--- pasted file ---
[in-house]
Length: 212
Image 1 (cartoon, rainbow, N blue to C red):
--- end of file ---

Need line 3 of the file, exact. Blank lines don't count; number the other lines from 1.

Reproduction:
Image 1 (cartoon, rainbow, N blue to C red):